Lawyer Andrew Hood—now at the European law firm Fieldfisher but a former British government legal advisor—spelled out just how bleak the post-Brexit future might be.
“There’s either a deal with a transition of some sort,” Hood said, “or there’s no deal, which will have consequences for people, logistics, contracts, liabilities.
“Now, if there’s no deal the sky won’t fall in, books will still get across borders somehow, the trains will keep running,” he said. “But in both scenarios the country will be worse off. If there’s no deal, GDP will reduce by 6 to 9 percentage points, and if there is a deal, it will be between 1 and 5 percentage points.”
Bowes added some color to the situation by reminding the audience, “There are currently thousands of books on ships and no one quite knows how they’ll be inspected.”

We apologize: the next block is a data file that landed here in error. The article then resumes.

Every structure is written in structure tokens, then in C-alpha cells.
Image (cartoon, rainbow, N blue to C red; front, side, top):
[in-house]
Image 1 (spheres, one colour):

‘Most of All, We Need Frictionless Borders’
Bloomsbury sales and marketing director Kathleen Farrar said that she and the rest of the house’s senior management team, has been discussing Brexit outcomes ever since the referendum in 2016.
“Our customers know us and they want to know that we can continue to supply them as we have been doing.”Kathleen Farrar
“We’re concerned about logistics,” Farrar said, “about speed to market which is very important for us. We’re looking at paper supply and most important of all, we need frictionless borders.
“With the Harry Potter books it was very important that everyone had the opportunity to buy those books at the same time, and we want to maintain that ability. Our customers know us and they want to know that we can continue to supply them as we have been doing.”